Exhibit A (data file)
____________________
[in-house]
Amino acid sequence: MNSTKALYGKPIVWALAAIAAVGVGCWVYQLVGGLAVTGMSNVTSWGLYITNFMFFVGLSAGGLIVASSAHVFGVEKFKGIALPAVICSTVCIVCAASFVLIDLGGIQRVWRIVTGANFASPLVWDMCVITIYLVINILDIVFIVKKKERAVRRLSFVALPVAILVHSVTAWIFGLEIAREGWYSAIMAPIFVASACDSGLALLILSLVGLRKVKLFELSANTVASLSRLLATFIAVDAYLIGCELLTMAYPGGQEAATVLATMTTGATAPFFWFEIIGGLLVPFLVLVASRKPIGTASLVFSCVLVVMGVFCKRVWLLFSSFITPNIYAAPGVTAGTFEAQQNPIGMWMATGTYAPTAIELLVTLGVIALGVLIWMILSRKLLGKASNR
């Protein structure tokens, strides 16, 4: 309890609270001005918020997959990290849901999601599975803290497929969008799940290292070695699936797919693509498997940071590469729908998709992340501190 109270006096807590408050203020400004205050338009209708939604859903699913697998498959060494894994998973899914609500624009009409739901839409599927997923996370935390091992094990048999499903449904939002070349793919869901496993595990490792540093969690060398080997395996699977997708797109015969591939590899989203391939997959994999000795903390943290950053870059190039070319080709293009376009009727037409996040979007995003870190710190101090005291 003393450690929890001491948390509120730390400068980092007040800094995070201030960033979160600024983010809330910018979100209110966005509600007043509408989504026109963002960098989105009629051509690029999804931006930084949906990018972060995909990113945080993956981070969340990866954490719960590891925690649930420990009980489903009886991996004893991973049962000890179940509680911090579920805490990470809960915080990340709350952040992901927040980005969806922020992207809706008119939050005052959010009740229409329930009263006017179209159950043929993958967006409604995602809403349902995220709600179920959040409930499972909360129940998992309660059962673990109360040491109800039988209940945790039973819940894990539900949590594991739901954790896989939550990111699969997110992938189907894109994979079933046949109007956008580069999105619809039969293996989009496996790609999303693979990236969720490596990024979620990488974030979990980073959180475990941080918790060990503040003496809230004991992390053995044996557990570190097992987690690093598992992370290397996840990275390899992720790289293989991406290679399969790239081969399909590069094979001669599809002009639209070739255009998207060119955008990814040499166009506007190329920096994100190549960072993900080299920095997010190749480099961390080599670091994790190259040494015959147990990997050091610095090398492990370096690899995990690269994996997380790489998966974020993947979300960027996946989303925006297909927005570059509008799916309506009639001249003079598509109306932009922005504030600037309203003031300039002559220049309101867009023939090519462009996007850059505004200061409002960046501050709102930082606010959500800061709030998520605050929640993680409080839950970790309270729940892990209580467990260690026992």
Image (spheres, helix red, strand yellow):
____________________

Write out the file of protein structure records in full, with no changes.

[in-house]
Amino acid sequence: MNSTKALYGKPIVWALAAIAAVGVGCWVYQLVGGLAVTGMSNVTSWGLYITNFMFFVGLSAGGLIVASSAHVFGVEKFKGIALPAVICSTVCIVCAASFVLIDLGGIQRVWRIVTGANFASPLVWDMCVITIYLVINILDIVFIVKKKERAVRRLSFVALPVAILVHSVTAWIFGLEIAREGWYSAIMAPIFVASACDSGLALLILSLVGLRKVKLFELSANTVASLSRLLATFIAVDAYLIGCELLTMAYPGGQEAATVLATMTTGATAPFFWFEIIGGLLVPFLVLVASRKPIGTASLVFSCVLVVMGVFCKRVWLLFSSFITPNIYAAPGVTAGTFEAQQNPIGMWMATGTYAPTAIELLVTLGVIALGVLIWMILSRKLLGKASNR
């Protein structure tokens, strides 16, 4: 309890609270001005918020997959990290849901999601599975803290497929969008799940290292070695699936797919693509498997940071590469729908998709992340501190 109270006096807590408050203020400004205050338009209708939604859903699913697998498959060494894994998973899914609500624009009409739901839409599927997923996370935390091992094990048999499903449904939002070349793919869901496993595990490792540093969690060398080997395996699977997708797109015969591939590899989203391939997959994999000795903390943290950053870059190039070319080709293009376009009727037409996040979007995003870190710190101090005291 003393450690929890001491948390509120730390400068980092007040800094995070201030960033979160600024983010809330910018979100209110966005509600007043509408989504026109963002960098989105009629051509690029999804931006930084949906990018972060995909990113945080993956981070969340990866954490719960590891925690649930420990009980489903009886991996004893991973049962000890179940509680911090579920805490990470809960915080990340709350952040992901927040980005969806922020992207809706008119939050005052959010009740229409329930009263006017179209159950043929993958967006409604995602809403349902995220709600179920959040409930499972909360129940998992309660059962673990109360040491109800039988209940945790039973819940894990539900949590594991739901954790896989939550990111699969997110992938189907894109994979079933046949109007956008580069999105619809039969293996989009496996790609999303693979990236969720490596990024979620990488974030979990980073959180475990941080918790060990503040003496809230004991992390053995044996557990570190097992987690690093598992992370290397996840990275390899992720790289293989991406290679399969790239081969399909590069094979001669599809002009639209070739255009998207060119955008990814040499166009506007190329920096994100190549960072993900080299920095997010190749480099961390080599670091994790190259040494015959147990990997050091610095090398492990370096690899995990690269994996997380790489998966974020993947979300960027996946989303925006297909927005570059509008799916309506009639001249003079598509109306932009922005504030600037309203003031300039002559220049309101867009023939090519462009996007850059505004200061409002960046501050709102930082606010959500800061709030998520605050929640993680409080839950970790309270729940892990209580467990260690026992």
Image (spheres, helix red, strand yellow):